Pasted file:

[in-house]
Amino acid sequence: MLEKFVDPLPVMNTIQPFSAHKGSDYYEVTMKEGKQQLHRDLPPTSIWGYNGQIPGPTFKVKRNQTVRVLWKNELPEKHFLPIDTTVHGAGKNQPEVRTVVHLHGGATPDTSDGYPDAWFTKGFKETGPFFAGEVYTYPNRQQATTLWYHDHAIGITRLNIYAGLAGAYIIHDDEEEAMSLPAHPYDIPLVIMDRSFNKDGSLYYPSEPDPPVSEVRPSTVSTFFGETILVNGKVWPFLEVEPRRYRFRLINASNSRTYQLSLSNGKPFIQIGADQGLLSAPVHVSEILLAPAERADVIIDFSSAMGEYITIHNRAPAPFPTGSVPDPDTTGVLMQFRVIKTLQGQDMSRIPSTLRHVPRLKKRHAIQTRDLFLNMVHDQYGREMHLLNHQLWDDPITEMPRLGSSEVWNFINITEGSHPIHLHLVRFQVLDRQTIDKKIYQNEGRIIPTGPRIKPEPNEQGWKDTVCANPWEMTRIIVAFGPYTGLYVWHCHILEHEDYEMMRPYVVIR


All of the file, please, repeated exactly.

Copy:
[in-house]
Amino acid sequence: MLEKFVDPLPVMNTIQPFSAHKGSDYYEVTMKEGKQQLHRDLPPTSIWGYNGQIPGPTFKVKRNQTVRVLWKNELPEKHFLPIDTTVHGAGKNQPEVRTVVHLHGGATPDTSDGYPDAWFTKGFKETGPFFAGEVYTYPNRQQATTLWYHDHAIGITRLNIYAGLAGAYIIHDDEEEAMSLPAHPYDIPLVIMDRSFNKDGSLYYPSEPDPPVSEVRPSTVSTFFGETILVNGKVWPFLEVEPRRYRFRLINASNSRTYQLSLSNGKPFIQIGADQGLLSAPVHVSEILLAPAERADVIIDFSSAMGEYITIHNRAPAPFPTGSVPDPDTTGVLMQFRVIKTLQGQDMSRIPSTLRHVPRLKKRHAIQTRDLFLNMVHDQYGREMHLLNHQLWDDPITEMPRLGSSEVWNFINITEGSHPIHLHLVRFQVLDRQTIDKKIYQNEGRIIPTGPRIKPEPNEQGWKDTVCANPWEMTRIIVAFGPYTGLYVWHCHILEHEDYEMMRPYVVIR